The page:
reasonable accommodation

Carnival of HR: How HR is Making the Workplace Better for Employees


By Stephanie Hammerwold

HR has not always had the best reputation. Whether it is publications like the Harvard Business Review talking about why it is time to blow up HR or managers that call us terminators or policy police, we are often branded as being out of touch or too consumed with unnecessary rules. Despite this bad reputation, there are many of us in HR who toil away behind the scenes, trying to make workplaces better for employees. We fight for better benefits, work to end harassment and discrimination and advocate for employees who need a second chance, and I have met and worked with many HR colleagues that are doing quite a bit to change workplaces for the better.

As the HR Hammer, I am committed to helping employers make workplaces better for employees. Doing so creates a happy, productive and loyal team. So, I put the question out there to bloggers for this carnival: How is HR making the workplace better for employees?

Over at Blogging4Jobs, Jessica Miller-Merrell shares an episode of her Workology Podcast where she interviews David Sturt, author of Great Work: How to Make a Difference People Love and Executive Vice President at O.C. Tanner. Miller-Merrell and Sturt discuss employee engagement. What I like most about their conversation is how Sturt offers an easy way to drive engagement: recognize employees. In HR and management, we can get really focused on policy and paperwork, and sometimes we forget the value of saying “thank you” or commending someone on a job well done on a big project. As Miller-Merrell and Sturt point out, recognition is an often overlooked engagement tool that costs little to nothing. Next time you are at work, take some time to say thanks to your employees.

At HRmoz, David Richter of Octopus HR Software offers up some advice on how HR and product/market fit can make workplaces better for employees. Richter gives some good examples of how a strong product/market fit can increase productivity and reduce turnover. Company success would also lead to more money for well-being programs and bonuses. He says that one of the most important areas HR can help achieve this is through creating a culture where the employees have voice. This includes seeking employee feedback and letting employees propose and try out new ideas.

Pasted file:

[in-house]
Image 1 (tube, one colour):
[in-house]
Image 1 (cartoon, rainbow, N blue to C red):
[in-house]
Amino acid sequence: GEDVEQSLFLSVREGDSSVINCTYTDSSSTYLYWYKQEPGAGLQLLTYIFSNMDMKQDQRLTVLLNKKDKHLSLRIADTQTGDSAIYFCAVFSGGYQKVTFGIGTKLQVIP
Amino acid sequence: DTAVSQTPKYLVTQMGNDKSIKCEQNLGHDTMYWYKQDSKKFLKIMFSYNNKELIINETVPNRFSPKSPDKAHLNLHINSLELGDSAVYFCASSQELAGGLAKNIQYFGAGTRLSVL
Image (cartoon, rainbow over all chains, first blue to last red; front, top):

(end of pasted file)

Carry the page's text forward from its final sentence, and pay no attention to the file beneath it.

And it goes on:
Parental leave has been getting quite a bit of attention in the media lately, and we regularly hear how the U.S. lags behind many other countries in providing paid leave options. At Blogging4Jobs, Eric Magnussen writes about how employers can best support employees who are about to add a new child to their families. Magnussen goes beyond the basic requirements of the Family and Medical Leave Act (FMLA) and provides suggestions that include making a checklist for new parents that includes leave requirements as well as information on the lactation room, contact numbers for counselors and support services for new parents, insurance information and other available resources. Magnussen also says employers can help by being flexible and including fathers in leave and offering work-from-home options. These are all great ways employers can recognize the challenge of balancing work and raising a family, something which ultimately supports creating a workplace that meets the needs of our employees. 

Finally, Stuart Rudner and Brittany Taylor of Rudner MacDonald LLP discuss a topic of increasing relevance: medical marijuana in the workplace. There have been many changes regarding legal use of marijuana, and it is important that employers are ready to address how these changes affect the workplace if they are going to support how their employees live. Rudner and Taylor talk about the Canadian laws regarding medical marijuana and give advice that is relevant to many of the legal changes we are also seeing here in the U.S. They point out that the use of medical marijuana should be treated in the same way as an employee on any other doctor-prescribed medication. Rudner and Taylor remind employers that it is important to have procedures in place for handling requests for reasonable accommodation and to follow those when an employee makes such a request that includes the use of medical marijuana. They also write that this is a good time to review your company’s drug and alcohol policy to ensure that it address changes to the legal use of marijuana.